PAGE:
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  • Answering Weakness Questions
  • Company Research
  • Behavioral, Case, and Panel Interviews

    Rather than just probing about your previous work history, interviewers may do a behavioral (also called competency-based), case, or panel interview.

    Behavioral Interview

    The behavioral interview is based on the notion that a job candidate's previous behaviors are the best predictors of future job performance. In a behavioral interview, interviewers ask candidates to share experiences and then ask specific questions related to how they handled the situation. For example, behavioral questions may include:

    Case Interview

    A case interview is often used in interviews at management consulting firms. The interviewer discusses a business problem that might be typical for the company and asks the candidate to analyze the business scenario. These are typically two-way discussions without a correct answer. The candidate is being assessed on how they approach the problem, identify key business issues, develop a framework to analyze the situation, and work through gathering information to arrive at a possible solution. In some cases, companies are also testing basic assumptions and math (e.g. assuming the market is one-third of the US population, then we may have a market of 100 million as a total population.) Practice is essential for understanding how to approach case interviews.

    Panel Interview

    A panel interview is where a candidate is interviewed all at once by a group representing various members of the recruiting "jury" during the hiring process. In these interviews, there can be different formats, including presentation to the panel; role-based questions with each panelists asking questions pertaining to their role/interaction with the job; working session where the candidate becomes a working member of the team and making contributions as if they were already on the job; or stressful environment with panelists quickly questioning the candidate creating a stress-filled environment to test the candidate in this situation.

    Understand the format for the interviews and that company, be prepared and practice, then be confident walking into the situation.

    Follow Up and Thank You Letter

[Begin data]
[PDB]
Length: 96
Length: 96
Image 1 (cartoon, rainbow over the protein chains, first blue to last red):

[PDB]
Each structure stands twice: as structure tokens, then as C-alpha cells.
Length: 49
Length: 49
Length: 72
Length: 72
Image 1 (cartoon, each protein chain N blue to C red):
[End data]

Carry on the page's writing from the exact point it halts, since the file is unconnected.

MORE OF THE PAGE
Following an interview, there are several things that you may need to do: send a thank you letter, critique your interview, and any follow-ups from the interview.

    Thank You Letter

    A thank you letter shows respect to people who have spent time talking with you, whether an interview or informational interview. In many situations, an email thank you note is sufficient in thanking someone, however, if someone has spent considerable time or effort in helping you, a hand-written thank you note can help you stand out and reflects very favorably on you as a candidate.

    The thank you letter gives you a chance to thank the person, reiterate your discussion with them, discuss any follow-ups or points not covered. It also demonstrates your courtesy, written communication skills, and interest. The best time to write the thank you letter is immediately after the interview for best impact.

    Interview Critique

    Immediately after each interview, take time to evaluate the experience. Doing an assessment of your interview performance allows you to improve on future interviews and your job search in general. Following an interview, often you can do a self-assessment, reviewing your responses to questions, your interaction with interviewers, and any non-verbal cues from the interaction. You may also want to get company or recruiter feedback (if they will provide it), peer feedback, or expert evaluation from working with a career coach. Honestly assess how you perform in interviews so that you can improve your interview performance.

    Questions to consider during your evaluation:

    Additional Resources